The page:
How to Remove Popcorn Ceiling (and Then Fix the Damage You Caused)

5 Days

Let's talk for a moment about the "texture that must not be named." You've all seen the tutorials on how to get rid of it. And guess what? Getting rid of it isn't hard. But getting rid of it without also damaging the drywall underneath...that's a whole different story.
Removing popcorn ceiling.
In case you haven't seen the tutorials on how to de-popcorn a ceiling, I'll do a quick recap:
1) Test it. It may have asbestos. If so, you have my condolences -- looks like you're stuck with it (unless you cover it with new drywall).
2) Use some sort of sprayer to get it wet. Really wet.
3) Let it sit and soak for a bit.
4) Use a putty knife (or if you're fancy, a plastic scraper made specifically for scraping popcorn off ceilings) to scrape off the popcorn.
If your drywall was primed before it was popcorned, removal is pretty easy. Messy and tedious, but easy.
If your drywall was NOT primed, however...
Damaged drywall from popcorn ceiling removal.
...bad things can happen.
In my case (because I'm just lucky, I guess), large chunks of paper peeled away with the popcorn. If this happens to you, here's the remedy:
1) Prime the drywall with RX-35, a primer that repairs and seals damaged drywall. It dries kind of tacky, so it helps keep the damaged paper from bubbling up during the next steps.
2) Skim coat the entire surface with some slightly-watered-down joint compound and a 12" taping knife.
3) Sand.
4) If necessary, repeat steps 2 and 3. Then prime, paint, and enjoy!
Drywall damage after removing popcorn ceiling
Repaired drywall, ready for priming.
It's a long and messy job, but it really isn't that challenging. It just takes patience. And a good respirator.

You can read the full story on my blog.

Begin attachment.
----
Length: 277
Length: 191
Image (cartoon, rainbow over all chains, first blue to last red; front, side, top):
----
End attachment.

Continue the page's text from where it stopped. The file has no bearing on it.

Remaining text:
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Want more details about this and other DIY projects? Check out my blog post!


Have a question about this project?

2 questions
  • Carolyn
    on Jul 15, 2016

    Where / how does one get something tested for asbestos? My home was built in 1958. Popcorn throughout. Would like to remove...but....

    • Linda
      on Jan 6, 2020

      My house was built in 1977 with popcorn ceilings throughout (even in the closets). When we moved in, one of my immediate projects was to remove that ugly stuff. I, too, was concerned about asbestos, but NOBODY in my state could answer my questions about testing. I began the huge project, using the water in a spray bottle, scraping, sanding, patching, priming and painting. To date, I've finished about 75% with no noticeable health hazards.

  • Marion Barker
    on Apr 9, 2019

    What if your popcorn ceiling has been painted? Just cover it?

Join the conversation

3 of 32 comments
  • Bonnie Morris
    on Apr 15, 2018

    House built in the early 70s. Of course, all ceilings are covered with that ugly popcorn coating! Working on the half bath and decided that I have had it with that ceiling. Got all the popcorn off yesterday so apparently not painted; but of course, I now have holes since it wasn't primed either! Tried patching with some drywall compound but think I need to prime it all before I go any further. Thank you for the comments on this.

  • Bonnie Morris
    on Feb 15, 2020

    This is the beadboard from Lowes. Great overlap and very thin. Have to apply glue and brad nail to the studs. Because they are only 4 feet long, I am able to do it myself.

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